Heat Pumps – Type F or Type B RCDs?

By Chaz Andrews, Technical Manager of Doepke UK

Inverter speed controlled pumps and compressors circuits require specific types of RCD. The characteristics of the equipment will determine if you require Type F or Type B RCDs and any associated restrictions on RCD sensitivity. Check with the manufacturer before quoting for the installation.

Equipment design characteristics

Appropriate planning at the quotation stage saves time and unforeseen expenses on site at a later date. The installation design, equipment to be connected and any RCD requirements including the ‘Type’ and ‘Sensitivity’ must be considered together, not in isolation.

Equipment may be self-contained for small installations or have sperate units with standalone inverter drives for larger installations. Inverter based equipment connected to three-phase supplies, that does not include an isolating transformer (see manufacturer’s information) can only be used with type B RCDs – see BS 7671 531.3.3. This is explained in detail in Doepke Techpub-17 – http://doepke.co.uk/download/download.html.

For single phase equipment, the use of  type F or B RCDs is governed by the level of smooth dc residual current produced under certain fault conditions. This fault current is related to the value of the “dc link voltage” (see below) i.e. it is function of the equipment design.

The operational leakage current (PE current), must be compatible with the installation design and associated RCD sensitivity – see 531.3.2. Take into account the possible addition of leakage currents when adding new equipment to an existing installation. The addition of three-phase non-linear loads increases the harmonic content and associated leakage currents – see PDS (Power drive system) – RCD Sensitivity.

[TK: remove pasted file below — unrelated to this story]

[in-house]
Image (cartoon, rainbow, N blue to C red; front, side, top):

DC link voltage –  Type of RCD

Figure 1 (below) gives a generic example of a single phase combined compressor and fan unit. The dc voltage output from the rectifier will be a minimum of 1.41 x ac rms voltage. Some designs may have a step-up voltage section, to increase the dc voltage, before it is fed into the control section. A capacitor connected across the dc bus provides a power reservoir (smoothing), for the control section during the non-conducting period associated with the AC supply. A fault to earth on the dc link section results in a smooth dc residual current flowing in the PE conductor, back to the source earth and returning via the line conductors through any upstream RCDs.

For smooth dc residual current < 10 mA (defined by the manufacturer of the equipment), you can use Type F RCDs – see BS7671  531.3.3 (iii) Note 2.

For smooth dc residual > 10 mA or it is not defined i.e. the manufacturer does not specify the type of  RCD, 531.3.3 (iv). Note 3 refers to the use of type B RCDs.

PDS  – RCD sensitivity

Elements of the PDS and the associated environment e.g. filters, inverter, motor cable, motor, existing supply quality, harmonics and ambient conditions, determine the total leakage current present during fault free operation of the equipment. This results in the fluctuation of the leakage current, consequently 531.3.2 (ii) recommends that you do not exceed 30% of the RCD sensitivity to achieve reliable operation of the equipment.

Type F and Type B RCDs are designed to respond to the sum of the leakage / residual currents generated at various frequencies by inverter controlled equipment  – see Figure 2 (below). Before making a final selection and purchasing equipment, check the installation manuals to verify the type of RCD and the minimum sensitivity requirements. If it is not in the manual, ask the supplier to provide this information before you purchase.

Operational leakage currents

BS7671 543.7.1 places limits on the operational leakage current, based on the method of connection:

Conventional 13 amp plug <3.5 mA and suitable for connection to a circuit protected by the appropriate Type of 30 mA RCD.

Equipment with leakage currents > 3.5 mA requires permanent connection to the supply, or the use of 60309-2 plug and socket – see 543.7.201. This equipment may not be compatible with the appropriate Type of 30 mA RCD. Relatively small inverter setups may require a minimum of 300 or 500mA RCDs, but check first – don’t make assumptions.

See 531.3.2 with regard to the design of the installation to avoid unwanted tripping. Note the points about the accumulation of earth leakage currents and consideration for separate feeder circuits, protected by the correct Type of RCD i.e. you cannot install Type F or B RCDs down stream of Type A or AC RCDs.

Conclusion

Check the details first – don’t guess or make assumptions.

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